The program for "Wicked Ways" lists Jesus Christ as executive producer, but only those who favor message-laden gospel musicals are likely to find this show heaven-sent.
Currently playing a one-week run at the Lyric Opera House, "Wicked Ways" is written, directed and produced by Michael Matthews. And like his other effort, "Momma Don't," its chief thematic virtue is its willingness to tackle one of the ugliest contemporary plagues -- drugs.
However, the anti-drug message would be more compelling if the characters and structure were better developed. Instead, the ostensible central character, an aspiring drug dealer called Snap (Cordell Moore), is too often on the sidelines -- or absent entirely. And his father (Dereck Brinkley), who holds the dual authority roles of police captain and church deacon, is portrayed as a buffoon.
There is no surprise to the conclusion -- only how long it takes to get there (nearly three hours). Inspirational endings are a given in this genre, and they evoke the same cheers as the demise of a villain in an old-time melodrama.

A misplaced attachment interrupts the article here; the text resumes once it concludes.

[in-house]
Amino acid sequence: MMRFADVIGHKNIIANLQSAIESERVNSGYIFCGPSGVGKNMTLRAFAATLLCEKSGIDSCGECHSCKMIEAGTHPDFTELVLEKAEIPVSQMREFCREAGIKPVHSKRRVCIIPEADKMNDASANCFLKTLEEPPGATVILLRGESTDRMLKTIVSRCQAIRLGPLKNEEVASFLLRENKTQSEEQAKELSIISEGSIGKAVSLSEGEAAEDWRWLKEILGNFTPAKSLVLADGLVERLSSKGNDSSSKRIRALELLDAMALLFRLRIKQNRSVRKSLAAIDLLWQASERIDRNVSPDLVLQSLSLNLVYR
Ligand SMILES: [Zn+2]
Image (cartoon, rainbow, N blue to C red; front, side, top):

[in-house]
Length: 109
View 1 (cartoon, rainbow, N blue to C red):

However, the most rousing part of the show is the music -- even though its amplification threatens to break the sound barrier. As Snap's mother, Camille Singleton can tease a note until it explodes. Keith Staten, star of the gospel group, Commissioned, brings tearful fervor to several numbers. And Mr. Brinkley displays a falsetto so high it could probably shatter glass.
The success of a host of touring black gospel and comedy shows proves they attract a large and eager audience, which was reinforced at the Lyric on opening night. But this audience deserves more -- more carefully constructed material, more polished production values and, in particular, a more modulated sound system to show off the voices.
"Wicked Ways" is unlikely to convert many sinners, but if you're suffering from a seasonal head cold, the sheer volume of this show is guaranteed to clear your sinuses.
"Wicked Ways" continues at the Lyric Opera House through Sunday; call (410) 481-6000.